By Beck, David
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Additional info for A grammatical sketch of Upper Necaxa Totonac
SUBJ ‘the ones they are looking for are up there’ 44 c. yá…¬ matßí…ta istsastún naktßík ya…¬ matßí…ta iß–tsastún nak=tßík stand machete 3PO–corner LOC=house ‘the machete is standing in the corner of the house’ d. afraid maybe sit NREL sit ‘I’m afraid to put my hand in, there might be something there’ The generic choice (that is, the verb that is selected when no particular posture or position is to be expressed) is wi…¬, which is also used in possessive expressions such as wi…¬ kinkawa…yúx ‘I have a horse’ (lit.
Unrealized The unrealized mood-marker, ti-, is most generally used to indicate that a particular event, although possible, has not taken place: (84) a. PO ‘well, not once have I seen someone go into their rooms’ la…–ta–nú… do–INCH–in 49 b. xa… tiwá¬ tsamá… tsumaxát xa… ti–wá–¬ tsamá… NEG UNR–eat–PFV that ‘it didn’t eat the girl’ tsumaxát girl c. SUBJ this ‘first, we’re going to eat this palm fruit’ ßa–tá¬tsiÔ DTV–seed mo÷ó…t palm The unrealized affix is compatible with both the imperfective (84a) and the perfective (b) aspect and occurs in at least one example in my corpus in the future tense (c).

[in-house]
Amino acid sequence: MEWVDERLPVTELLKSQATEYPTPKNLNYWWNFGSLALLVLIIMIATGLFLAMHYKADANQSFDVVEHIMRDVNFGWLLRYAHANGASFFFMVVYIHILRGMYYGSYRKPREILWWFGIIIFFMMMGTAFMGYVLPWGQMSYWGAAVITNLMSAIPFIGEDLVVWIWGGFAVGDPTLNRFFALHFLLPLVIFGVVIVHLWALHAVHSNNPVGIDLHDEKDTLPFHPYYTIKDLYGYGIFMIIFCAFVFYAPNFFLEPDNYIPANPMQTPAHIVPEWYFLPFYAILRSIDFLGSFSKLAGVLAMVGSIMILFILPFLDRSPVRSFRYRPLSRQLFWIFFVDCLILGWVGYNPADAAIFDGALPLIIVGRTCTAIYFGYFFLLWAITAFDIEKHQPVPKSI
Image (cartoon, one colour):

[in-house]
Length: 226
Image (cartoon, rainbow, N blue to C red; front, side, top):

SUBJ ‘but you are still a child, you won’t be able to carry me’ Unlike the use of ti- on its own (which merely indicates that the event is as yet unrealized), the use of ti- plus the optative in the expressions in (90) seems to imply the impossibility, or at least improbability, of the event. The same does not seem to be true of the sentences in (89), although it should be noted that in both cases the conditional clause concerns the actions of second persons. It may mean that the expression of reduced probability when speaking of the future actions of second persons is another politeness strategy.
A grammatical sketch of Upper Necaxa Totonac by Beck, David